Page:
U.S. Ambassador in Spain visits UEM

Alan Solomont speaks to students about the upcoming elections in the United States

23/10/2012


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Alan Solomont, U.S. Ambassador in Spain, spoke at Universidad Europea de Madrid on upcoming U.S. elections. He indicated the event election is, in his opinion, the most important decision its citizens make. "Candidates are positioned in the center, not clearly show trends, to win the undecided voters, as in states like Ohio or Colorado," said Solomont, adding: "You can segment the electorate in many ways: by geography, gender, economic class, age and generation, ethnicity, etc., but those who want to win the U.S. election must reach all these groups." During the debate held on October 3 between the current candidates, Solomont referenced the comments made by Mitt Romney about the situation in Spain "totally unfortunate".

Ambassador Solomont participated in a seminar titled "The 2012 US presidential election: media, messages and contexts", which organized by the Faculty of Arts and Communication at Universidad Europea de Madrid, in collaboration with the Embassy of the United States in Spain and the Real Instituto Elcano. The Ambassador spoke referred to the U.S. electoral system, a process that is, in his opinion, "far from perfect but truly democratic." He highlighted that the economy is the issue of greatest concern to Americans and the financial instability it has created is leading to " a situation of great political stress, as has happened in other stages of American history."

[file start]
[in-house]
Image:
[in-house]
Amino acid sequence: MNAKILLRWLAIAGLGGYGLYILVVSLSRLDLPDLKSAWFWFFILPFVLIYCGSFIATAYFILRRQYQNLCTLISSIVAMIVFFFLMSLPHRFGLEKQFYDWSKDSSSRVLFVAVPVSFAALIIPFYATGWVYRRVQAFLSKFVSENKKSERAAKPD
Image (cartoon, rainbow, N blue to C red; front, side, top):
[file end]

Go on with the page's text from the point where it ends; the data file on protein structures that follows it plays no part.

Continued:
José María Peredo, an expert in International Relations and Director of Journalism and Languages ​​at UEM, opened the conference, a meeting that in his opinion "connects students with professional and social reality through some of the country's leading voices on the analysis and study of American politics." Beside him, the American political scientist, Huffington Post blogger and UEM professor, Alana Moceri, discussed the functioning of the electoral system in the United States and emphasized the importance of political debates because "they are the perfect showcase to check the skills of the candidates." About the positions of candidates, Alana Moceri called Obama's attitude "cautious", which is the image he wants to project to voters.

Bienvenido Gazapo, a UEM faculty member, spoke about the power of religion in the vote: "religion has no direct influence in elections, but Americans are very religious and, in fact, since the creation of the country it has been a tool, a lathe that has been shaping freedom, and that has affected the election process."

This article was originally written in Spanish and has been translated into English to be shared on the Laureate International Universities website.